Transactions within the construction industry are becoming increasingly complex as lawyers are required to consider intricate questions concerning such diverse areas as lender liability, insurance, and environmental law, along with the more traditional tort and contract principles. The recent economic downturn in the construction industry has changed the nature of the relationships between contractor, subcontractor, and developer, complicating the lawyer's task. This economic downturn has also sharpened the conflict in the Georgia Court of Appeals between age-old principles of contract and banking law and newer principles that may better reflect the increasingly complex legal environment. For example, Georgia courts have traditionally been willing to protect banks from lender liability claims, but this traditional immunity is at odds with the banks' willingness to become an active participant in the supervision of a construction project. Also, the courts are continuing to wrestle with exactly what role arbitration should play in the construction industry. The courts must decide whether to allow parties to choose binding arbitration and avoid the expenses and delays associated with litigation, or to so hamstring arbitral awards that they become nothing more than a precursor to a full-blown trial on the merits.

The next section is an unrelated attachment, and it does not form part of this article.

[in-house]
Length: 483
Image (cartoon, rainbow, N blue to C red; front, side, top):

Morrissey, Brian J. and Wallace, Matthew W.
Mercer Law Review: Vol. 43:
1, Article 7.
Available at: https://digitalcommons.law.mercer.edu/jour_mlr/vol43/iss1/7